• Merle Haggard
Tammy Wynette memorial
(Part 3)

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  • Lorri Morgan
  • George Richie (Wynette's husband)
  • Final prayer

A tearful Naomi Judd, who also toured with Wynette, recalled trading recipes with her and getting advice on how to handle the demands that touring places on the children of country stars.

"We had three queens in country music. And one of them is gone," Judd said. "In memory of Tammy, ask that her records get played."

"Tammy Wynette had more soul in her pinkie than all of us chick wannabe divas," said Judd's daughter, Wynonna. "She paved the way for me. And when I met her, I felt so in awe of her, yet she gave me the time of day -- asked me ... to sing with her in the studio and embraced this punk kid who wanted to be in country music."

Loretta Lynn had been scheduled to speak at the service but was too distraught to attend.

Private funeral held at Baptist church

Naomi Judd and Wynonna remember Wynette
Naomi Judd and Wynonna remember Wynette  

Wynette, who was 55 when she died, is survived by Richey, five daughters, a son and seven grandchildren.

Earlier Thursday, about 450 of her friends and family members attended a private funeral service at Judson Baptist Church, where Parton and Wynonna also performed. Garth Brooks and Trisha Yearwood were among those in attendance.

During the private service, Parton had to cut short a rendition of "Shine On," saying she simply couldn't sing anymore.

Gospel singer Jake Hess performed "Death Ain't No Big Deal," a tune he said was a Wynette favorite.

After the service, she was buried in Woodlawn Memorial Park in Nashville.

Wynette recorded more than 50 albums

Born Virginia Wynette Pugh in Itawamba County, Mississippi, in 1942, the future superstar married at 17 and became a beautician in Birmingham, Alabama. But she made periodic trips to Nashville to pursue her dreams in country music, eventually catching the eye of Sherrill.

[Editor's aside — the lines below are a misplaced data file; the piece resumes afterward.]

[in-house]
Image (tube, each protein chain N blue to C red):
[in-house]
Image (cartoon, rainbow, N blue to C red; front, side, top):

It was Sherrill who renamed her Tammy Wynette and co-wrote and produced a string of country classics with her in the late 1960s. Those hits included "I Don't Wanna Play House," "D-I-V-O-R-C-E" and "Your Good Girl's Gonna Go Bad."

Wynette would go on to record more than 50 albums and score 39 top 10 hits, 20 of which went on to No. 1. She also had success in a string of duets with another country legend, George Jones, to whom she was married from 1969 to 1975.

As one of the pioneering female stars of country music, Wynette had a major influence on an entire generation of Nashville stars who followed her. But in later years, her influence went beyond country circles.

She recorded a duet with Elton John, and Rolling Stone Keith Richards professed to be a fan. She even had a hit as the featured vocalist on a song by a Scottish rap group, KLF, titled, "Justified and Ancient."

Married five times, her turbulent life was often reflected in the plaintive, angst-ridden songs she wrote, which led to her being dubbed the "queen of heartache."

But in a February 1993 interview, she said that with Richey, her life was "very happy, and I don't write any sad songs anymore."